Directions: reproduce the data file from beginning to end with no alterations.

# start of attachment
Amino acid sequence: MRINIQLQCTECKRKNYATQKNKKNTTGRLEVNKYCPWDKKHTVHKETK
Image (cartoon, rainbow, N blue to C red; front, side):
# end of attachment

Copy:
Amino acid sequence: MRINIQLQCTECKRKNYATQKNKKNTTGRLEVNKYCPWDKKHTVHKETK
Image (cartoon, rainbow, N blue to C red; front, side):